By Anthony McClean, Editor In Chief Emeritus NEW HAVEN (BASN) —...
How Should Red Auerbach’s Legacy Really Be Judged?
NORTH CAROLINA — Arnold “Red” Auerbach, who presided over 16 NBA Championship teams as a coach, general manager and club president with the Boston Celtics, died Saturday at the age of 89 of an apparent heart attack.
A presence in pro basketball for 60 years, Auerbach’s career stretches back to the beginning of the N.B.A. His statistical legacy and significance to the Boston Celtics and the NBA include:
– Winning nine N.B.A. championships, eight of them consecutively from 1959 to 1966 with the Celtics.
– Building another six championship teams as the Celtics’ general manager and oversaw a final one, in 1986, as the team’s president, a position he held at the time of his death.
– When Auerbach turned over the Celtics’ coaching position to his star center Bill Russell in 1966, after 20 seasons as an N.B.A. coach and 16 of them in Boston, he was No. 1 in career victories with a record of 938-479.
– He was inducted into the Basketball Hall of Fame in 1969 and he was named the greatest coach in N.B.A. history by the Professional Basketball Writers Association of America in 1980.
– His nine N.B.A. championships as a coach have been equaled only by Phil Jackson
– In 1950, his first season coaching the Celtics, he chose Chuck Cooper of Duquesne University as the first black player selected in an N.B.A. draft.
– In the 1963-64 season, the Celtics became the first N.B.A. team to start a game with an all-black lineup: Russell, K. C. Jones, Sam Jones, Tom Sanders and Willie Naulls.
– When Auerbach named Russell as his coaching successor, it was the first time a black had become coach of a major American professional sports team.
These are just a few of the more important and well-documented achievements by the legendary figure and there is no question, the impact and importance of Auerbach and his role as an avant-garde in amalgamating the NBA with the first black players and his legacy of turning a failing and declining franchise like the Celtics into the first true dynasty in professional basketball.
Auerbach also showed his cleverness, shrewdness and creative thinking in administering some of the greatest trades in NBA history. He indebted himself to Celtic fans here and abroad and brought the dismay and discomfort of those who do not cheer for them.
He also drafted and played African Americans in a city a region where even the great Bill Russell felt he was not welcome in the neighborhoods of the very city that cheered him and his other black teammates because of the fore mentioned color of his skin-BLACK.
As we look back on his life and times in honor and respect for who he was, what he stood for and his contributions, I must respectfully point out unpopular realities.
Sometimes people get recognition, acclaim, acknowledgment, approval and attention for the moral positions and judgments they make for the good of mankind, however the applauds of righteousness should stop there.
The oversight Mr. Auerbach had of taking a stand and playing an African American player or players in a time, region and city where is unpopular and unorthodox serve two vital and important roles for him and for black players but ultimately the action was a move of personal gain rather than the righteous perception everyone seems to have.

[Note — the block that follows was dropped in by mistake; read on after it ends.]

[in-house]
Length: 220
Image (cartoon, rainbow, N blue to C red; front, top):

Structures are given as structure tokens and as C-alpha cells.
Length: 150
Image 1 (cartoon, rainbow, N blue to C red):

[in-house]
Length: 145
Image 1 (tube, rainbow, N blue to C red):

Auerbach realized the talent of black players and the athleticism and natural ability they possess. Growing up in Brooklyn, NY, Auerbach must have seen and known of some of the most dominant and God-gifted black basketball players in the city, state and country.
Look at the players and the aggressiveness he pursued a trade to get the overwhelming presence and dominating force from the University of San Francisco in Bill Russell.
He realized in order to not only win, not only be a dominant team but to be a dynasty franchise which was unprecedented in pro basketball, he had to have the best and like Baseball, African Americans were very talented and gifted.
Like the beginning line in the old TV series “The Six Million Dollar Man”: bigger, stronger and faster can best describe black athletes whether some in the media and the masses would admit.
Speaking of baseball, the paragon in what Auerbach did for his team, his sport and African Americans and what Branch Rickey accomplished and is widely known for are barefaced.
Mr. Rickey was best known for two things: breaking baseball’s color barrier by signing the first African-American player Jackie Robinson and what we sometimes forget, later drafting the first Hispanic player, Roberto Clemente.
Auerbach and Rickey: Both played had humble upbringings, played their sport in high school and college, both were a coach/manager, both were apart of building great teams, both pioneered integration into their sports while becoming successful in upper management.
The biggest thing they have in common is the integration of minorities as apart of a bigger picture that benefited themselves, the teams they represented and the players who desperately wanted and deserved a chance to play a the highest level possible.
In closing, I am not condemning or criticizing Rickey or more importantly Auerbach so Celtic fans and basketball fans alike can just relax. Auerbach showed courage and conviction in the face of hate, scrutiny and evil.
What I am saying is he did what anyone who was decent and realistic would do, he drafted and went after players he affirmed and concluded to be the best players available and obtainable.
Everyone has an agenda and sometimes morality does commingle and commix with our own indulgence and personal advancements which are two entities we all should be resolute in achieving.